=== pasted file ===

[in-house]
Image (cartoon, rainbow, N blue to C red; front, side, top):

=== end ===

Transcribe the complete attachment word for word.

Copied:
[in-house]
Image (cartoon, rainbow, N blue to C red; front, side, top):